The hilt of the knife was slick in Sarah’s sweaty palm, and the lantern rattled softly in her other, trembling hand. The sound of it was swallowed by the trees, crowding over her, as though they were waiting for her to do something.
It wasn’t quite dusk, yet this deep in the woods the darkness was rising from the forest floor, swallowing her pale white light. Her knees ground into the damp foliage and scattered sticks beside the hole that was too small to have swallowed Jeremy. But it had. No matter what any of those stupid grown-ups said, he hadn’t run away.
She dropped a rock into the hole. Maybe not the best thing to do with something that had eaten a person, but what else should she have done? As she dropped it, everything went quiet in the forest, like a switch had been flipped to off. No birds calling their end of day songs, or the critters that were snuffling and running around nearby.
The rock never touched the bottom. At least not that she could hear. The air was heavy with the scents of rotting, Autumn vegetation, and folded around her like a wet blanket. Her heart tripped along at the continued silence, and she held her breath.
Then, something rumbled from deep below her. She gasped, and went to to stand and flee, but the shaking of the earth made her fall on her butt. As she fell, the knife flew from her hands into the foliage of nearby ferns, and the lantern fell to the ground, the plastic cracking on a rock. Then the tremors stopped, as her blood thundered in her ears, and her breathing was a ragged pant.
Maybe it was nothing, she thought, as the forest slowly resumed its usual chatter around her. There are mines everywhere around here. Maybe one of them collapsed.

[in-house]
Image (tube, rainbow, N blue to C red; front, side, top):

Maybe I imagined the hand.
It had been blue, like a person caught in a blizzard and frozen to death, with blackened, broken nails. But she’d been so shocked when Jeremy…fell? Perhaps that was it. He’d fallen in, and now he was passed out at the bottom of a forgotten mine shaft, dying, because she was scared of an imaginary hand.
She crawled forward toward the hole. They’d been silly to come here, chasing ghost stories of miners trapped in the shaft during a freak blizzard. Her parents had been furious that she’d come here, after being told her entire life to avoid the area. It wasn’t safe. She thought her father’s head would explode when he found out she’d been out here with her boyfriend–someone her father strongly disapproved of.
“J-Jeremy?” she whispered, cringing back quickly as the name tumbled from her lips, ready to be dragged down, too.
“Ssssaaaraaah…” The voice was faraway, but definitely coming from the hole.
She gasped. “Jeremy!” She scrambled forward, unafraid now that her worst fears–yet greatest hope–had been confirmed. “Are you okay? I’m going to go get help!”
Then the same blue hand shot from the hole and grabbed her wrist. Except this one had the same freckle on the first knuckle of its thumb that Jeremy did. She tried to wrench her hand from its grasp, or reach for the knife to stab at it, but the weapon was too far away. She was reaching for the lantern to bash the thing, when a face floated up from the darkness, freezing her in mid-motion.
“That won’t be necessary. I missed you so much, Sarah,” he said, his voice raspy as dead leaves scratching across the pavement. “Now we can be together…forever.”
She screamed as he dragged her down, just as he’d been dragged down. No one heard her, though, as the forest muffled the sound as surely as a murderer suffocating someone with a pillow. Not long after, the forest went about it’s usual business of life, but the creatures had long ago learned to avoid the business of the dead. Something the humans never seemed to figure out. Jeremy and Sarah weren’t the first, and they wouldn’t be the last.